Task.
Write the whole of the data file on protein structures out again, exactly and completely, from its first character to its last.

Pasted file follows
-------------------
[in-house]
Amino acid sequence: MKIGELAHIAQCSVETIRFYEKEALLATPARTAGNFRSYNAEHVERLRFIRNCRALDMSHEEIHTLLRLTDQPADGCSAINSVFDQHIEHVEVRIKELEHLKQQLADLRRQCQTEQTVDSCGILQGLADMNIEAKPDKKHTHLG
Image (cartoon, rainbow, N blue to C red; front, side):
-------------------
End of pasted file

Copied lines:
[in-house]
Amino acid sequence: MKIGELAHIAQCSVETIRFYEKEALLATPARTAGNFRSYNAEHVERLRFIRNCRALDMSHEEIHTLLRLTDQPADGCSAINSVFDQHIEHVEVRIKELEHLKQQLADLRRQCQTEQTVDSCGILQGLADMNIEAKPDKKHTHLG
Image (cartoon, rainbow, N blue to C red; front, side):